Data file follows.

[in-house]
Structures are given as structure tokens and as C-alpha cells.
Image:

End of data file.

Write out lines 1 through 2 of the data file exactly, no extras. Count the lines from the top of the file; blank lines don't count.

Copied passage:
[in-house]
Structures are given as structure tokens and as C-alpha cells.